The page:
from The Daily Cardinal, Tuesday, October 18, 2005

SLAC: UW can stop sweatshops

By Matthew Johnson

As we, the university community, come together to celebrate Bucky's pirate homecoming, let us take a minute to think about where the Bucky Badger T-shirts that are so ubiquitous this week came from. All UW-Madison clothing is made in sweatshops by individuals who in many respects are just like ourselves. Although it is impossible to fully understand the struggles of workers far away, there are parallels between their experiences on the factory floor and ours at the university.

Sweatshop workers, like us, are young people who have moved away from home in hopes of eventually achieving a comfortable and fulfilling life for themselves and their families. However, these workers are leaving families faced with the very real prospect of starvation and are now charged with the immense responsibility of supporting their loved ones on as little as 20 cents per hour.

The anxiety students feel as they await their admission letters from prestigious American universities is similar to that felt by workers as they seek employment at a garment factory. But for garment workers, the admissions office is a gate in a barbed wire fence. Rather than Welcome Week led by friendly tour guides, workers are oriented to the factory with a haphazard attempt to meet a quota in sweltering heat on unsafe machines under the supervision of armed guards and abusive managers.

Both students and garment workers would sooner spend time with friends than in class or at work. Yet as students sit through 50-minute class periods, factory workers around the world often work 16-hour shifts, doing endlessly monotonous work with no bathrooms breaks.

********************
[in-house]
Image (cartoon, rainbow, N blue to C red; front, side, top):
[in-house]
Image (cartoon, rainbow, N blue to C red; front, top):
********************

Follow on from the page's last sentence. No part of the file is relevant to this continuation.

Because we attend a major university with enormous purchasing power, we have the ability to dramatically affect the conditions under which our apparel is made. As students, we cannot alleviate the poor conditions in each individual factory, we can provide workers' with the breathing room they need to from their own organizing bodies and improve their own conditions without fear of losing their jobs.

We, in coordination with students at 54 other major U.S. colleges and universities, demand that UW-Madison require an incrementally increasing percentage of Bucky Badger goods be produced in designated union factories where workers rights are respected. Additionally, we require that UW-Madison licensees pay the factory a higher price per good so that workers can realistically negotiate a living wage. By making these demands of our university, we create a market demand for garments manufactured in unionized factories, preventing brands from cutting and running to undermine the rights of workers.

On Sept. 28 the preceding demands were presented to Chancellor John Wiley. Although he has yet to reply, we maintain every confidence that he will agree to these simple stipulations, which, at no extra cost to the university, will empower workers around the globe to fight for themselves and finally throw off the chains of oppression.

This week, as we pool our resources, share our talents and abilities, lend our voices to cheers and chants, let us remember that there are workers across the globe doing these same things. However, as we cheer for school spirit, the workers are chanting for justice. What for us is a light-hearted celebration is for workers a struggle for their dignity and their livelihood. Let us be proud of our university, not simply because we win football games but because we are responsible members of the global community or because we use our staggering collective power not to exploit others, but to respect, love and empower all people.

Matthew Johnson is a member of the Student Labor Action Coalition. This op-ed was written in collaboration with members of his organization.

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